Nutrition Links: Glutathione is highly concentrated in the lens and is believed to act as a free radical scavenger that detoxifies the delicate tissue. Glutathione levels in the lens seem to drop as we age, which may make the lens increasingly vulnerable to damage. Glutathione is produced from N-acetlcysteine and vitamin C. Higher vitamin C intake in women under 60 years of age has been tied to a lower risk of cataracts, and using vitamin C supplements for 10 years or longer has been associated with a 60 percent risk reduction compared with no supplement use.

Besides vitamin C, a number of antioxidants have been studied for cataracts, but the evidence isn’t as compelling as it is for AMD. A few that seem promising so far include vitamin E, lutein and zeaxanthin, and multivitamin supplements, but more large-scale studies are needed to bolster the findings, says Taylor. Eyebright, an herb used since the Middle Ages to relieve inflammatory eye problems, has antioxidant properties that may protect the lens of the eye from damage.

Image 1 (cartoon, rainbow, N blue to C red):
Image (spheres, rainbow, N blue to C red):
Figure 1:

* Glaucoma is one of the leading causes of blindness in the United States and the most common cause of blindness among African-Americans. Marked by damage to the eye’s optic nerve, which usually occurs due to increased fluid pressure inside the eye—called intraocular pressure (IOP)—it leads to vision loss and blindness.

Nutrition Links: Some older study findings have suggested that people who develop chronic, open-angle glaucoma (the most common type) may have a decreased ability to absorb thiamine, which may have an adverse effect on cells in the optic nerve. The RDA for thiamine is 1.4 mg daily, but most multiples have 50-100 mg. Chromium deficiency has also been observed in individuals with glaucoma. Aim for 200 mcg of chromium daily (the amount found in most multiples). Other studies suggest that both vitamin C and omega-3 fatty acid intake may reduce the risk of glaucoma by decreasing IOP. Take vitamin C in 500-mg doses two or three times daily.